In his arrogance and condescension, Stewart cannot fathom that Americans understand that Kareem Abdul-Jabbar is not scary. But we also know that Muslims are behind most of the terrorism targeting America, and that Muslim countries are facilitating these attacks. Except for one brief and esoteric comment to the effect that there are things that we have reason to fear in life, Stewart pretended that the threat didn’t exist. He failed to deliver the sanity he promised.
As far as Colbert was concerned—despite the facetious title of his own rally—the fact is that fear is sometimes justified, especially when the nation is under attack from within and without. It is this fear that is driving action in America today, as tens of millions of Americans work to avoid the destruction of the American dream and the American way of life. The only thing Stewart said in their defense was that they were not all racists.
-- Cliff Kincaid, Oct. 31 Accuracy in Media column
Pat Buchanan, former communications director to President Ronald Reagan, former presidential candidate and WND commentator, has come to the conclusion that a courageous Republican legislator should move a bill for impeachment of President Bush.
I reluctantly agree – and for the same reasons.
President Bush has had nearly five years in office to honor his oath of office and enforce immigration laws in this country.
He has not only failed, he has intentionally neglected this sworn duty, instead claiming he prefers to promote a vague immigration "reform" plan that involved a "guest worker" program that has served as an encouragement to the most massive influx of illegal immigration this country has ever seen.
Obama must be challenged on every front – even if we don't win every battle. It's time to go on offense, buddy.
We won't get a second chance this time.
Obama should be impeached.
This isn't just about policy disagreements. It's about the biggest and most egregious abuse of power in American history.
If you think I'm exaggerating, tell me how.
It's time to step up to the plate. Americans are not sending Republicans to Congress this year in record numbers because they want a counterbalance to Obama in Washington. They are sending them there to change the direction of the country – radically.
What's wrong with impeachment?
Impeachment is a political process. It's part of the Constitution. It might fail, because there are plenty of wimps among Republican members as well as a fair number of Democrats apparently sworn to overthrowing our constitutional system.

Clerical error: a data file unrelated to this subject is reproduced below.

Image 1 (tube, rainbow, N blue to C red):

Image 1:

Nevertheless, political battles are won on offense, not defense.
NewsBusters Also Gives Art Robinson's Love of Racist Novels A Pass Topic: NewsBusters
WorldNetDaily isn't the only ConWeb outlet who's eager to give Oregon congressional candidate Art Robinson a pass on his love of racist novels by G.A. Henty.
An Oct. 13 NewsBusters post by Jack Coleman declared that Rachel Maddow's mention of it meant that "Cable television doesn't get any shabbier than this." Coleman highlighted that it was a character in Henty's "By Sheer Pluck" making the racist statement in question, as if that matters. He then writes:
What if Robinson had acquired the rights to the works of Harriet Beecher Stowe? Would Maddow cherry picking the vile opinions of a specific character -- plantation owner Simon Legree -- also render Robinson a racist?
The point, as we noted, is that the racist opinions of the character are not presented as "vile" in the book -- indeed, they are reflections of the 19th century era in which they were written. The character is not a Simon Legree villain; he's the mentor of the young man who is the story's main character and is considered a hero.
The question that needs to be asked is why Robinson promotes a book that presents such a racist as a hero, and an author whose entire ouvere -- which Robinson wants his homeschool students to read -- presumably contains similar outdated imperialistic attitudes as a core component of his curriculum. Robinson has not disclosed how his curriculum addresses the issue of Henty's racism and imperialism.
The only response we can find is Robinson declaring during a debate, "Henty's books are not racist, and I'm not racist." But that's a meaningless answer that doesn't address how his curriculum deals with it.
MRC Won't Tell the Whole Truth About Cat Stevens, Salman Rushdie Topic: Media Research Center
In an Oct. 31 NewsBusters post, Brad Wilmouth touted how "Sean Hannity informed viewers that Restoring Sanity Rally participant and singer Cat Stevens - who converted to Islam in the 1970s and changed his name to Yusuf Islam - several times declared that Salman Rushdie should be killed after Iranian leader, the Ayatollah Khomeni, issued a fatwa on the British author in 1989 for publishing his book the Satanic Verses."
Similarly, a Nov. 1 MRC TimesWatch post by Clay Waters complained that a New York Times story "failed to mention the 1989 controversy over comments Yusuf made in support of the fatwa from the Ayatollah Khomeini that novelist Salman Rushdie be killed for insulting Muhammad in 'The Satanic Verses.'"
Neither Wilmouth nor Waters mentioned that Stevens/Yusuf has backpedaled on the claim.